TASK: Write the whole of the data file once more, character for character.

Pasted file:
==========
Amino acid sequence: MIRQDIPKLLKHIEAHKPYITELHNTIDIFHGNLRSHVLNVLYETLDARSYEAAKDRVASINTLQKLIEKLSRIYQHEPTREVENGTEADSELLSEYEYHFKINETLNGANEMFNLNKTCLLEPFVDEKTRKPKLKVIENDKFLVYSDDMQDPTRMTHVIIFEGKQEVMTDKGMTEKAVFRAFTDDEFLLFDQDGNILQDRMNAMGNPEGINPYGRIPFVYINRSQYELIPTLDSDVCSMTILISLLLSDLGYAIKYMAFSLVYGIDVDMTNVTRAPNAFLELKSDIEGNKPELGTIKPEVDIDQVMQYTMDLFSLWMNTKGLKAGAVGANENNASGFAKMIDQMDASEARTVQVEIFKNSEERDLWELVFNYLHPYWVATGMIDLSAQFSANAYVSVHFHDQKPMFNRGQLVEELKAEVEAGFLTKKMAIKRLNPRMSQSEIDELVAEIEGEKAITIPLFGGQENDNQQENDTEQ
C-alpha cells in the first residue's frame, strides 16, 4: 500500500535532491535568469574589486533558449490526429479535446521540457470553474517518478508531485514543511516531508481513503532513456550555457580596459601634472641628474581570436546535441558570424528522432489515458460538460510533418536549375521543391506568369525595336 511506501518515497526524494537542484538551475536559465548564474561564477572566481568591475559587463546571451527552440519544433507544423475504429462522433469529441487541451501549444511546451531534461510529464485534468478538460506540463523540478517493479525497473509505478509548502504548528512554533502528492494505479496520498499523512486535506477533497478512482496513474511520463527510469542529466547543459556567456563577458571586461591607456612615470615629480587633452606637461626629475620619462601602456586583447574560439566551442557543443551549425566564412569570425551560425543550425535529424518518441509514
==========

Amino acid sequence: MIRQDIPKLLKHIEAHKPYITELHNTIDIFHGNLRSHVLNVLYETLDARSYEAAKDRVASINTLQKLIEKLSRIYQHEPTREVENGTEADSELLSEYEYHFKINETLNGANEMFNLNKTCLLEPFVDEKTRKPKLKVIENDKFLVYSDDMQDPTRMTHVIIFEGKQEVMTDKGMTEKAVFRAFTDDEFLLFDQDGNILQDRMNAMGNPEGINPYGRIPFVYINRSQYELIPTLDSDVCSMTILISLLLSDLGYAIKYMAFSLVYGIDVDMTNVTRAPNAFLELKSDIEGNKPELGTIKPEVDIDQVMQYTMDLFSLWMNTKGLKAGAVGANENNASGFAKMIDQMDASEARTVQVEIFKNSEERDLWELVFNYLHPYWVATGMIDLSAQFSANAYVSVHFHDQKPMFNRGQLVEELKAEVEAGFLTKKMAIKRLNPRMSQSEIDELVAEIEGEKAITIPLFGGQENDNQQENDTEQ
C-alpha cells in the first residue's frame, strides 16, 4: 500500500535532491535568469574589486533558449490526429479535446521540457470553474517518478508531485514543511516531508481513503532513456550555457580596459601634472641628474581570436546535441558570424528522432489515458460538460510533418536549375521543391506568369525595336 511506501518515497526524494537542484538551475536559465548564474561564477572566481568591475559587463546571451527552440519544433507544423475504429462522433469529441487541451501549444511546451531534461510529464485534468478538460506540463523540478517493479525497473509505478509548502504548528512554533502528492494505479496520498499523512486535506477533497478512482496513474511520463527510469542529466547543459556567456563577458571586461591607456612615470615629480587633452606637461626629475620619462601602456586583447574560439566551442557543443551549425566564412569570425551560425543550425535529424518518441509514